Air Quality State Implementation Plans; Approvals and Promulgations: Atlanta, Georgia 1997 8-Hour Ozone Nonattainment Area
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ENVIRONMENTAL PROTECTION AGENCY
40 CFR Part 52
[EPA-R04-OAR-2013-0147; FRL-9902-19-Region 4]
Approval and Promulgation of Implementation Plans; Atlanta, Georgia 1997 8-Hour Ozone Nonattainment Area; Reasonable Further Progress Plan
Environmental Protection Agency (EPA).
EPA is taking final action to approve a state implementation plan (SIP) revision, submitted by the State of Georgia, through the Georgia Environmental Protection Division (GA EPD), on October 21, 2009, to address the reasonable further progress (RFP) plan requirements for the Atlanta, Georgia 1997 8-hour ozone national ambient air quality standards (NAAQS) nonattainment area (hereafter referred to as the “Atlanta Area” or “the Area”). The Atlanta Area is comprised of Barrow, Bartow, Carroll, Cherokee, Clayton, Cobb, Coweta, Dekalb, Douglas, Fayette, Forsyth, Fulton, Gwinnett, Hall, Henry, Newton, Paulding, Rockdale, Spalding and Walton Counties in Georgia. EPA is also finding adequate the motor vehicle emissions budgets (MVEB) for volatile organic compounds (VOC) and nitrogen oxides (NOx) that were included in Georgia's RFP plan. Further, EPA is approving these MVEB. EPA is also responding to comments received on the Agency's May 29, 2013, direct final rulemaking to approve the RFP plan requirements for the Atlanta Area.
This rule is effective on December 4, 2013.
EPA has established a docket for this action under Docket Identification No. EPA-R04-OAR-2013-0147. All documents in the docket are listed on the www.regulations.gov Web site. Although listed in the index, some information is not publicly available, i.e., Confidential Business Information or other information whose disclosure is restricted by statute. Certain other material, such as copyrighted material, is not placed on the Internet and will be publicly available only in hard copy form. Publicly available docket materials are available either electronically through www.regulations.gov or in hard copy at the Regulatory Development Section, Air Planning Branch, Air, Pesticides and Toxics Management Division, U.S. Environmental Protection Agency, Region 4, 61 Forsyth Street SW., Atlanta, Georgia 30303-8960. EPA requests that if at all possible, you contact the person listed in theFOR FURTHER INFORMATION CONTACTsection to schedule your inspection. The Regional Office's official hours of business are Monday through Friday 8:30 a.m. to 4:30 p.m., excluding Federal holidays.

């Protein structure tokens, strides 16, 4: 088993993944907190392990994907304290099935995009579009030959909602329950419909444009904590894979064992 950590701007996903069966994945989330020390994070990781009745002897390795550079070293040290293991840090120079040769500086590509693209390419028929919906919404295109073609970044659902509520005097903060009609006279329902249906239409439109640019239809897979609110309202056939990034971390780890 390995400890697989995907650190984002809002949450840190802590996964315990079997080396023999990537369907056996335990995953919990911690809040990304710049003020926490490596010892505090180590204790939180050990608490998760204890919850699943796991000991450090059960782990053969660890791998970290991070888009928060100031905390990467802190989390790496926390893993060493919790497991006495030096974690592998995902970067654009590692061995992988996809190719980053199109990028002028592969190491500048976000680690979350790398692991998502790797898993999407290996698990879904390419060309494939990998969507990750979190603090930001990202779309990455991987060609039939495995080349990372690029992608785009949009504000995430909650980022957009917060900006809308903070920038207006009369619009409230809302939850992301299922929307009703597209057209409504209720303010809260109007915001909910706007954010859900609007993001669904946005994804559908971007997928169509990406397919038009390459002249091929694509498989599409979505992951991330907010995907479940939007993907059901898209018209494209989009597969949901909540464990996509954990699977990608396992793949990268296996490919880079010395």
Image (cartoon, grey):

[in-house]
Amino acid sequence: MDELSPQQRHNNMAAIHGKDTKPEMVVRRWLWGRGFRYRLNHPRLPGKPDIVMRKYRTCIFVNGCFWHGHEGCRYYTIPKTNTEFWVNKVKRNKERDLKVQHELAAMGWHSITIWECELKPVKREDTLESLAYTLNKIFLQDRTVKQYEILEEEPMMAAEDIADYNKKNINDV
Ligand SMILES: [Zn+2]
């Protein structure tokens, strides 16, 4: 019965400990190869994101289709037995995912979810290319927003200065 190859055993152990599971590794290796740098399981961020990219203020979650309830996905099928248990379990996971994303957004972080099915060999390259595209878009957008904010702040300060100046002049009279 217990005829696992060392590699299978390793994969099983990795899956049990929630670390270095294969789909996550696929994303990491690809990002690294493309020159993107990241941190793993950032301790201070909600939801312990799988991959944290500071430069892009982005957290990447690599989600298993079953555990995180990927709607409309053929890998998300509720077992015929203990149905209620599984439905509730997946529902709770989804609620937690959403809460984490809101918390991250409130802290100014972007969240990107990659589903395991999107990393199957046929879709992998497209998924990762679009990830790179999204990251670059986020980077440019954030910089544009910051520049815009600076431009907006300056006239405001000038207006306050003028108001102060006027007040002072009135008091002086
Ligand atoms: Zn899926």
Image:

For Further Information Contact
Ms. Sara Waterson of the Regulatory Development Section, in the Air Planning Branch, Air, Pesticides and Toxics Management Division, U.S. Environmental Protection Agency, Region 4, 61 Forsyth Street SW., Atlanta, Georgia 30303-8960. The telephone number is (404) 562-9061. Ms. Sara Waterson can be reached via electronic mail at email@example.com.
Table of Contents
I. This Action
III. Response to Comments
IV. Final Action
V. Statutory and Executive Order Reviews
I. This Action
EPA is taking final action to approve Georgia's October 21, 2009, SIP revision to meet RFP plan (1) requirements of the Clean Air Act (CAA or Act) for the Atlanta Area. (2) The RFP plan demonstrates that, during the period of 2002 through 2008, NO X emissions will be reduced by at least 15 percent for the 13-County portion (3) of the Atlanta Area (hereafter referred to as the “13-County Area”) and VOC emissions will be reduced by at least 15 percent for the seven-county portion (4) of the Atlanta Area (hereafter referred to as the “7-County Area”). As part of the RFP, EPA is approving the 2008 VOC MVEB and the 2008 NO X MVEB, which were included in the October 21, 2009, RFP plan for the Atlanta Area. EPA is taking this action because it is consistent with CAA requirements for RFP. The MVEB for the Atlanta Area, expressed in tons per day (tpd), are provided in Table 1 below. Through this action, EPA is also finding adequate the MVEBs for transportation conformity purposes for the 1997 8-hour standard.
For more detailed information on the RFP plan, please see the direct final rulemaking published on May 29, 2013, at 78 FR 32135.
A. General Background